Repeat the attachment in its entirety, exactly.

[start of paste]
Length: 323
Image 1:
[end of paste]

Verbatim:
Length: 323
Image 1: